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In your appeal to the adjudicator I would state that the Council has not been able to show that it has paid any regard to the CCTV parking enforcement guidelines, and quote the relevant successful cases in this excerpt of the Chief Adj's Report:

http://notomob.co.uk/discussions/index.php?topic=867.0

I seem to recall that there's at least one case in there that was allowed on appeal simply because the Council didn't show that had paid regard to those guidelines.
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!nsomniak
post Thu, 9 Feb 2012 - 16:36
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Thanks for that SRM,

I've just had a look on the LBBD website and their parking enforcement page states:

"There are compelling road safety reasons for enforcing parking and traffic restrictions - as our streets in Barking and Dagenham are getting busier, we have a responsibility to keep traffic flowing and to ensure we keep our streets safe for drivers, cyclists and pedestrians.

To achieve the aforementioned responsibility, parking contraventions are enforced by our Civil Enforcement Officers, and with the aid of our prescribed Closed Circuit Television (CCTV) equipments/mobile enforcement vehicles. In addition to the enforcement of parking contravention, our CCTV equipments are used to enforce bus lane and moving traffic contraventions.

Civil Enforcement Officers are assigned based on beat patterns to enforce parking restrictions in a fair, accurate and consistent manner. Penalty Charge Notices are issued accordingly when vehicles are seen in contravention of a restrictions in place, based on the trainings our officers have been given.

CCTV cameras are located across the borough and are also used to enforce parking regulations, traditionally enforced by Parking Attendants, including vehicles contravening footway parking bans, loading restrictions, pedestrian crossings and bus stops.

The mobile enforcement vehicles prioritise enforcement in areas where local residents have complained and highlighted level of non-compliance by motorists to restrictions in place - including, but not limited to, school keep-clear markings, banned turnings, disregarding traffic directional signs as well as bus lane restrictions.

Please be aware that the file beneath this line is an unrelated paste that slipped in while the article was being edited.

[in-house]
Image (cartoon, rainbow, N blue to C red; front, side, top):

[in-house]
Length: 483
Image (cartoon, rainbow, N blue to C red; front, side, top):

When a vehicle is captured by CCTV for contravening a parking regulation, a penalty charge notice is sent by post to who we believe is the registered keeper of the vehicle."



Can anyone see if this is a decent policy, I thought I had spotted something when I read that CCTV was used to enforce moving traffic contraventions, and CEO's to enforce parking, but then they seem to cover themselves by the CCTV paragraph.
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!nsomniak
post Thu, 9 Feb 2012 - 16:57
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As for signage, the only sign that is around the area is one like this, but without the yellow background. Its stuck on a lampost, but facing the opposite way to which I entered the road, therefore would have never seen it.

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white rabbit
post Fri, 10 Feb 2012 - 06:53
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Given the photographs and the lack of any attempt to prove an exemption it would be an act of unspeakable cruelty to ask him to take this to adjudication. Just pay up would be my advice.

This post has been edited by white rabbit: Fri, 10 Feb 2012 - 06:54
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SchoolRunMum
post Fri, 10 Feb 2012 - 17:18
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QUOTE (white rabbit @ Fri, 10 Feb 2012 - 06:53) *
Given the photographs and the lack of any attempt to prove an exemption it would be an act of unspeakable cruelty to ask him to take this to adjudication. Just pay up would be my advice.





Really, what about the Council's lack of attempt to fully answer the appeal and the lack of attempt to pay any regard to the CCTV guidelines? It's not just about claiming an exemption but I do agree that the grounds are not the strongest. It's up to the OP whether to pay up or carry on of course.